At a two-hour town hall Zoom meeting on April 7, Palisades High Executive Director Pamela Magee announced that in-person instruction is being planned when school resumes in August.
Two days later, the Centers for Disease Control and Prevention director Rochelle Walensky said, “Schools should anticipate being open in the fall.”
More than 500 people attended the meeting via Zoom. Parents were allowed to ask questions before the session, which included LAUSD District 4 Board Member Nick Melvoin and PaliHi staff: five assistant principals, four teachers, the business officer, the unification director and the director of operations.
Not all of the questions were answered during the meeting.
Some questions were specific, such as “My 11th grader can’t get a test for XC through LAUSD this week due to a software upgrade that dropped Pali High students off the system. No test/no access to Pali. Is there a backup plan?”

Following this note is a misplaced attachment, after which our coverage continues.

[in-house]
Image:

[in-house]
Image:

“How are teachers going to be checked not only for safety measures, but also make sure that students catch up?”
“Why are kids being tested weekly for Covid when the CDC doesn’t recommend it — especially if they’ve recently had Covid?”
“When we go back to full time, will the classes still be recorded live so that if anyone is sick, they can stay home and not miss their work? Hopefully that will lead to less infections overall.”
“Will Pali help students readjust to the classroom? (Student has lost ability to communicate.)”
“How will classes be evaluated/changed after the pandemic is over?”
“Is Pali increasing mental health services for students (now and upon return)? Also, might Pali consider a school-wide Mindfulness program (like JAMS) to teach stress management?”